Where to look on the Web for statistical information:
Today, United States Federal Government agencies are making available more and more information on the Web, so there is a lot of statistical information out there! It is very helpful to begin your search for statistics by visiting a site that contains links to government agency Web sites where you can find statistical information.
- FEDSTATS http://www.fedstats.gov/ The purpose of this site is to provide easy access to the public to statistical information produced by over 70 federal government agencies. Some of the agencies included are the Bureau of Labor Statistics, Bureau of the Census, National Center for Education Statistics and Internal Revenue Service. You can query by keyword, browse a topical alphabetical index, and limit your search to a particular agency. There is also a page on regional statistics which divides up links according to category, such as agriculture, crime, education, health.
- University of Michigan Documents Center – Statistical Resources on the Web http://www.lib.umich.edu/govdocs/stats.html When you visit this site you can choose the category, such as agriculture, finance, health, housing, in which you want to find statistical information. Each link is annotated so you will know what information you can find at the site, and where to look within the site once you link there.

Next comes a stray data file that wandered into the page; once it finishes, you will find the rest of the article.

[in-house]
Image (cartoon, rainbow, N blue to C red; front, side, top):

- You can also go to the Yahoo! category on Government Statistics http://www.yahoo.com/Government/Statistics/ which lists many of the government agency Web sites where you can find statistical information.
Some places to look for commonly asked for statistics:
- If you are looking for information on the United States Public Debt, go to the Web site of the Department of Treasury http://www.treasurydirect.gov/NP/BPDLogin?application=np
- If you are looking for information on Inflation, go to the Bureau of Labor Statistics http://www.bls.gov/cpi/
- If you are looking for economic statistics going back a number of years, try the Economic Report of the President http://www.gpoaccess.gov/eop/
- If you are looking for Education-related statistics, go to the National Center for Economic Statistics http://nces.ed.gov/
- If you are looking for Criminal justice statistics, try the Department of Justice, Bureau of Justice Statistics http://www.ojp.usdoj.gov/bjs
Other Web sites containing useful statistical information: